The Use of Embedded Mobile, RFID, and Augmented Reality in Mobile Devices

The Use of Embedded Mobile, RFID, and Augmented Reality in Mobile Devices

Greg Gogolin (Ferris State University, USA)
Copyright: © 2012 |Pages: 12
DOI: 10.4018/978-1-61350-150-4.ch009

Abstract

The proliferation of mobile devices such as smart phones and other handheld devices has stimulated the development of a broad range of functionality, including medical, retail, and personal applications. Technology that has been leveraged to enable many of these uses includes radio frequency identification (RFID), embedded mobile, and augmented reality. RFID involves communication between a tag and a reader. Mobile RFID extends the technology by tagging the mobile device with an RFID tag to perform tasks on the device. Embedded mobile refers to preprogrammed tasks that are performed on a mobile device. Personal care and monitoring is one of the most common uses of embedded mobile. Augmented reality involves the use of computer generated or enhanced sensory input such as audio and visual components to enhance the perception of reality. This is commonly used in situations such as video games where there is feedback in the game controllers.
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Introduction

The focus of this chapter is to examine the impact of the rapid growth of mobile technologies such as embedded mobile, radio frequency identification (RFID), and augmented reality, and explore how this growth is extending the use of Internet technologies to create a more convenient and accessible experience for its users. Mobile technologies present many challenges and opportunities in a number of domains including education, healthcare, banking, emergency response, and commerce.

This chapter will investigate the use and capabilities of current and emerging technologies such as embedded mobile, RFID, and augmented reality in mobile devices in the context of the opportunities and challenges presented. These technologies will be presented according to the following emerging framework:

  • 1.

    Historical and Current State

  • 2.

    Trends and Opportunities

  • 3.

    Risks, Challenges, and Limitations

  • 4.

    Global Implications

  • 5.

    Cultural Implications

The chapter will conclude with a summary and a look at emerging trends and future direction in embedded mobile, rfid, and augmented reality in mobile devices.

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Background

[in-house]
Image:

An embedded system is a computer system that is integrated within the hardware and software of a computing device. Embedded systems are preprogrammed for a specific task within the device it operates. Embedded systems have been in use for many years in a variety of industries including automotive, health care, consumer electronics, video games, and a variety of other applications. Embedded mobile (EM) refers to the use of one or more embedded systems in a mobile device. The rise of EM has occurred largely as a result of the advancement in cellular communication and the proliferation of the Internet.

Radio frequency identification (RFID) is an electromagnetic wave communication technology that uses readers and tags. The reader incorporates an antenna that can read a tag wirelessly, and then transmit the information from the tag for processing. RFID technology is often used to track inventory by placing a tag on the product to be tracked. A reader reads the information on the tag for interpretation. An example would be tagging cases of products in a warehouse with RFID tags. A reader interprets the tag which allows a worker to quickly determine information related to the case.

Mobile rfid (M-RFID) are services provided by mobile devices equipped with an rfid tag over a telecommunications network. M-RFID can be use to execute a service or mobile phone functions such as messaging or calling when an RFID tag is sensed. This can include making phone calls for those unfamiliar or uncomfortable with mobile phones. Emergency situations and assisting physically disabled individuals are common uses of M-RFID.

Augmented reality involves the use of computer generated or enhanced sensory input such as audio and visual components to enhance the perception of reality. This is commonly used in situations such as video games where there is feedback in the game controllers. Mobile Augmented Reality Systems (MARS) has become popular in devices equipped with a global positioning system (GPS), compass, accelerometer, camera, and ability to share or manipulate information. Applications can include pointing the devices camera at an object and then receiving feedback. For example, pointing the camera at a restaurant and then receiving reviews or using the device to take a tour.

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